The Vice President bore the ashes on his forehead as he introduced President Obama at a White House event celebrating the one-year anniversary of the so-called Recovery Act. Burley asked Greg Milam, Sky News's US correspondent, about the mark as they monitored Biden's remarks: "What's happened to his head? I'm sure that's what everybody's asking at home." After a short pause, Milam replied, "Yes, I don't know. It's a simple answer. Maybe we'll get a chance to find out a little later." Burley then remarked, "It looks like he walked into a door, doesn't it? I'm sure that's one of the questions that the networks will be asking him." (video clip above is from Thursday's Morning Joe on MSNBC; audio available here).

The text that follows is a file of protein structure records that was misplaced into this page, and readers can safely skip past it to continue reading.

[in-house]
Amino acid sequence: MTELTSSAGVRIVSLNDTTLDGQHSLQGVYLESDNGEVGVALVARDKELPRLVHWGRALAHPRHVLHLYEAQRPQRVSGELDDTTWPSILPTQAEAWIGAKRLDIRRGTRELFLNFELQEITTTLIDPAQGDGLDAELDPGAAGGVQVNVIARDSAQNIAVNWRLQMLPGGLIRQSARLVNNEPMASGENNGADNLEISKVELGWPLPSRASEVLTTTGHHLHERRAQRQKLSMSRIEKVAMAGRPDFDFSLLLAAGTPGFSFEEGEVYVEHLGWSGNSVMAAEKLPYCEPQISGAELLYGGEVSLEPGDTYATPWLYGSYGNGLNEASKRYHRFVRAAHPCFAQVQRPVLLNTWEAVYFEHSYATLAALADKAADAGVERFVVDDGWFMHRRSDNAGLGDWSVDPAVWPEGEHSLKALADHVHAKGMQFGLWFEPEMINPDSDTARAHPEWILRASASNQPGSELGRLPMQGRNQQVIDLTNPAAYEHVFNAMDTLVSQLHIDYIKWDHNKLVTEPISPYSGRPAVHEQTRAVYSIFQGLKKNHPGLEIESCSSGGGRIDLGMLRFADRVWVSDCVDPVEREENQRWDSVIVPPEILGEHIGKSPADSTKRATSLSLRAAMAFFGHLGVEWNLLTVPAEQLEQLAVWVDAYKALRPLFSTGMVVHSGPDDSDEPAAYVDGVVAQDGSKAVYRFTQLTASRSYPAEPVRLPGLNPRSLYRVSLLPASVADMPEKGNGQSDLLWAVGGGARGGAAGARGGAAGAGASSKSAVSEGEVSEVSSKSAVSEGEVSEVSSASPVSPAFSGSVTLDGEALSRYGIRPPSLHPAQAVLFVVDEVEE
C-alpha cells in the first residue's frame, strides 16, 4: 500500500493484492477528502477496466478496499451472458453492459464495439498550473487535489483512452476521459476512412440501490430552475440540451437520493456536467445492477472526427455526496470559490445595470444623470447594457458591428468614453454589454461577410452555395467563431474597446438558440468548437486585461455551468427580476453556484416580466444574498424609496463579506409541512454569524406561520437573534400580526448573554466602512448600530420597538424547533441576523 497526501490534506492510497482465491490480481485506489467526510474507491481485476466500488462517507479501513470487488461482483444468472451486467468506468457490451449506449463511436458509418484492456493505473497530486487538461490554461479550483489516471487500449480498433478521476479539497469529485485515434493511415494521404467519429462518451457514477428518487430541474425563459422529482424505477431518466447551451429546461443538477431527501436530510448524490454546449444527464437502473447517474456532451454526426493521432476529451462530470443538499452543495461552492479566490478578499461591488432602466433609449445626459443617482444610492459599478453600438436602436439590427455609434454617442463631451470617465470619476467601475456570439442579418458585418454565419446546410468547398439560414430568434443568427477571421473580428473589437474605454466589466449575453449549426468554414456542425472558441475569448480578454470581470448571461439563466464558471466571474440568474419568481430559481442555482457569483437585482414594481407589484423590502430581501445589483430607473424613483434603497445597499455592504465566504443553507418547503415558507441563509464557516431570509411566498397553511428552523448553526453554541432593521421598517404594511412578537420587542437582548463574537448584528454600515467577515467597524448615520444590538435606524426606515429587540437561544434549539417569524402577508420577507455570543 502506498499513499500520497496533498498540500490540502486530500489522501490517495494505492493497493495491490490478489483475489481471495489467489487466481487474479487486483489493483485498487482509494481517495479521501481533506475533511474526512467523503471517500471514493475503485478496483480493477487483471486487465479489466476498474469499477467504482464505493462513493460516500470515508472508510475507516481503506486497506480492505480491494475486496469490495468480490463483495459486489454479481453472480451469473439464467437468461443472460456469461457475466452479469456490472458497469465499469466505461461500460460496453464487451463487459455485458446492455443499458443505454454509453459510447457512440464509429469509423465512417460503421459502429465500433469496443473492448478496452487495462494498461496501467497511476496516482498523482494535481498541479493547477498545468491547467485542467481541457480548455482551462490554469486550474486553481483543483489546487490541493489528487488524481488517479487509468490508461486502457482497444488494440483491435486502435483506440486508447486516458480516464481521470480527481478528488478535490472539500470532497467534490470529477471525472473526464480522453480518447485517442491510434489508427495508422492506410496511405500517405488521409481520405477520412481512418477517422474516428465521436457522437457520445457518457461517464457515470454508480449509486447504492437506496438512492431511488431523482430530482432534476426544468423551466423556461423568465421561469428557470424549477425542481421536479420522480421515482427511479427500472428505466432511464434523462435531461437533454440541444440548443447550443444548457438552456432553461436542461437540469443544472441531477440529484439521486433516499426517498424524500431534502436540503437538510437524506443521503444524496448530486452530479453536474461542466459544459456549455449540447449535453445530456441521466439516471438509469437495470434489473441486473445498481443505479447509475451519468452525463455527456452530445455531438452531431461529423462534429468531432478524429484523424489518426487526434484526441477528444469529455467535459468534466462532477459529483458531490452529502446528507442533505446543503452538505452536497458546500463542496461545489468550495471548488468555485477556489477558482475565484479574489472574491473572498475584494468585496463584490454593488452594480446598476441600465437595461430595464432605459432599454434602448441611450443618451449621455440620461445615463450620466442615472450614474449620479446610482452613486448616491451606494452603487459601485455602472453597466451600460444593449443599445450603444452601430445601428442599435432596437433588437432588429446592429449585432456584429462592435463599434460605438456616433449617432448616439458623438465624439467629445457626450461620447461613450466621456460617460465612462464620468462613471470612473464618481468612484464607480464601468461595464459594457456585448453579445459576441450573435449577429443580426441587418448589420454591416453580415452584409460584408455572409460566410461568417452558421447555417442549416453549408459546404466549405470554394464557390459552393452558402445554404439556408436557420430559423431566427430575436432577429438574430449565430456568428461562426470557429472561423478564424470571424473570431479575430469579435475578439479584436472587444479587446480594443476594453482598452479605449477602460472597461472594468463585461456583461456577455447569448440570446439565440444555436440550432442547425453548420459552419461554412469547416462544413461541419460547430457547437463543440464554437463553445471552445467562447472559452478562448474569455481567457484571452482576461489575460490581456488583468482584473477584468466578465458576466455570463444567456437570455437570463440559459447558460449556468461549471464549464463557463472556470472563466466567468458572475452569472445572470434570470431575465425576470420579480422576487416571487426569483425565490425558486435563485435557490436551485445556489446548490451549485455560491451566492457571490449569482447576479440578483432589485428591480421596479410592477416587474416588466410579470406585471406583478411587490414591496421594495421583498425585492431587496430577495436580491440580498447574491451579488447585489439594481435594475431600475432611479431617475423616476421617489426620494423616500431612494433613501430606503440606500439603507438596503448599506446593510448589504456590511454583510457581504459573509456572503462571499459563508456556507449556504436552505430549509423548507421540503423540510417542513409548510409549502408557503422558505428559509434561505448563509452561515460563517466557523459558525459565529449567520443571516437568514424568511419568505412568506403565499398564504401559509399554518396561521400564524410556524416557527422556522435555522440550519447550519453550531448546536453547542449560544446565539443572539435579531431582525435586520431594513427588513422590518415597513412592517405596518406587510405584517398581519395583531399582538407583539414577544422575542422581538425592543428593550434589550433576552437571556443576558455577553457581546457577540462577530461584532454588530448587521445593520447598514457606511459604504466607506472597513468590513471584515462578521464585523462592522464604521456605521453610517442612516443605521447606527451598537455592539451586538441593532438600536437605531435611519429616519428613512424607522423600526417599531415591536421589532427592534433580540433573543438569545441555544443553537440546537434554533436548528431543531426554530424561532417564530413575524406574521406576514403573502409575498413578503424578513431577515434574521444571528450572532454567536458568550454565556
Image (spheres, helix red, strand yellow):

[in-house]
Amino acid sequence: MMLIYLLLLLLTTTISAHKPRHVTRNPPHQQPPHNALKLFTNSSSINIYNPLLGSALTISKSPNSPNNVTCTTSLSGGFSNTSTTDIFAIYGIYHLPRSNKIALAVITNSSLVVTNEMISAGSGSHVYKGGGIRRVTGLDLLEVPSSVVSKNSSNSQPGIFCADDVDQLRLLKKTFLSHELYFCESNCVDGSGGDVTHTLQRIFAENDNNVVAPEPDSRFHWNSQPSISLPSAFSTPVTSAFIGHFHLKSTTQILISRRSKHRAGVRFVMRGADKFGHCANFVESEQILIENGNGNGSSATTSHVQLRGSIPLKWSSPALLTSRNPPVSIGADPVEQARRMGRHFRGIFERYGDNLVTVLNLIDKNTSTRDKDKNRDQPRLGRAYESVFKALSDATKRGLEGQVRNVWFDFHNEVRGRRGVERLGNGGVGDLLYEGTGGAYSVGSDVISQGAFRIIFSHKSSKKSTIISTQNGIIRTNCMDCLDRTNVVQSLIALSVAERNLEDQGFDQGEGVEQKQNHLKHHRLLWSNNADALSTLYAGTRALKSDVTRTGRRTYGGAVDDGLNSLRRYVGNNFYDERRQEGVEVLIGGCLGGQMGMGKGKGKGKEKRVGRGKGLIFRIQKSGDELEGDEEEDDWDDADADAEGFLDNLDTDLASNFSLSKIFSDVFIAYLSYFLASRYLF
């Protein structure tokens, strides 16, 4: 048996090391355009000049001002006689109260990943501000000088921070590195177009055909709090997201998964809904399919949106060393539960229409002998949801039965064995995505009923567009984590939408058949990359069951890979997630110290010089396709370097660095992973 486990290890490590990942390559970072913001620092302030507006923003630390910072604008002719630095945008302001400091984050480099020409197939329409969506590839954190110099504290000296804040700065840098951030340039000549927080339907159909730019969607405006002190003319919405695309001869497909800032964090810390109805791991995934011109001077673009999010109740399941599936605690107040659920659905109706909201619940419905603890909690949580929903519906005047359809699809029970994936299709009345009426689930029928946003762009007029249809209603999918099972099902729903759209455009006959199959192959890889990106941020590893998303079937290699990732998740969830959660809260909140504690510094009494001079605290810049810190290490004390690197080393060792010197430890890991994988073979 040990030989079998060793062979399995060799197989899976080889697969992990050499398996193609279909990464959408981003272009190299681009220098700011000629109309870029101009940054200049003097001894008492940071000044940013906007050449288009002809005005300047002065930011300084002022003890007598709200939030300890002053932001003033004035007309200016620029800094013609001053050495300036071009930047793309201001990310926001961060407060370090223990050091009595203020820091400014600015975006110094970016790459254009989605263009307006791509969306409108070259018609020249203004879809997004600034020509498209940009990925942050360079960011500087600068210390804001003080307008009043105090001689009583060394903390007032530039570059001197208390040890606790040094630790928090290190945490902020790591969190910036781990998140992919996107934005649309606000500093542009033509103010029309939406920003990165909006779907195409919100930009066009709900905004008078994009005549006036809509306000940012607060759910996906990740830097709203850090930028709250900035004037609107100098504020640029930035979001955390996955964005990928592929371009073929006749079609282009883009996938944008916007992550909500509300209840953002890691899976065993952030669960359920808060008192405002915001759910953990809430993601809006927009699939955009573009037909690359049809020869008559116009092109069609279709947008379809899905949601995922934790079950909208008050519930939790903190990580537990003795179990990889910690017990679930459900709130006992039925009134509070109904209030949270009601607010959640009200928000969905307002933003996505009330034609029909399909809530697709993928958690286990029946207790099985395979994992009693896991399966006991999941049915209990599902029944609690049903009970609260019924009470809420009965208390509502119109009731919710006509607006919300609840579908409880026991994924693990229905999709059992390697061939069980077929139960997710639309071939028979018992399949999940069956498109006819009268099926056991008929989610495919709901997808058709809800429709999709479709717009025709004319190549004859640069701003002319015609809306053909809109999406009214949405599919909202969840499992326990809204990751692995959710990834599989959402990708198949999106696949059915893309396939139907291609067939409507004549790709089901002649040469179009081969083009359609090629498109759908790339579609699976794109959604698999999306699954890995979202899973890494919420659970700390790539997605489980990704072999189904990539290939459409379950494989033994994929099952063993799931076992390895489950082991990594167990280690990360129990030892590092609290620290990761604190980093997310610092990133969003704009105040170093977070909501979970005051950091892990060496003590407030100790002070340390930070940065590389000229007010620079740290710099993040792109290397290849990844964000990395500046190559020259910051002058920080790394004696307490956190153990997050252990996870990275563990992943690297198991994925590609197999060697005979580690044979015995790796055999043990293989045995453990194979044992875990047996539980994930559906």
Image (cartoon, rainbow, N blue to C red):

Twelve images newly released by the government of the Sept. 11, 2001, terrorists' attacks on the World Trade Center provide a fresh look at the tragedy and its impact on New York City...The latest release follows Monday's publication of other newly released photos first obtained by ABC News from the federal agency investigating the buildings' collapse.
The website has made available a slide show of these pictures, as well as a video montage (embedded below the fold):
Nobody is happier to oblige than ABC News. On Jan. 8, “World News” anchor Diane Sawyer and weatherman Sam Champion worried that the cold weather engulfing much of the world just may be the result of climate change.
Ever since President Obama took office with his merry band of Democrats controlling both chambers of Congress, the media began reporting high unemployment in the most positive light they could find.